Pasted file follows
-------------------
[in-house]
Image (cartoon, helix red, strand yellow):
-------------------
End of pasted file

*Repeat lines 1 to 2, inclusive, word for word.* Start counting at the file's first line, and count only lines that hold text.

[in-house]
Image (cartoon, helix red, strand yellow):